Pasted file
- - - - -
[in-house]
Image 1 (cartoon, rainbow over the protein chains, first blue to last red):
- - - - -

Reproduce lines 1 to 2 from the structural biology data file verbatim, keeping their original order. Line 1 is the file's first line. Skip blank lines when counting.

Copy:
[in-house]
Image 1 (cartoon, rainbow over the protein chains, first blue to last red):